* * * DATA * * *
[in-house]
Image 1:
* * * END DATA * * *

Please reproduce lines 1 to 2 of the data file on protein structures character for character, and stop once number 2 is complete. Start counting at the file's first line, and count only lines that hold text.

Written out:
[in-house]
Image 1: